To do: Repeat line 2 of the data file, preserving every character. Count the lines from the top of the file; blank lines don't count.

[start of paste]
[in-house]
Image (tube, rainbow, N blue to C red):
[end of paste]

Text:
Image (tube, rainbow, N blue to C red):